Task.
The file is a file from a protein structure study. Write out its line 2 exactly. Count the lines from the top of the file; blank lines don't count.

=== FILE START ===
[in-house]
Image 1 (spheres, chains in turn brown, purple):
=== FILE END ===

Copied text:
Image 1 (spheres, chains in turn brown, purple):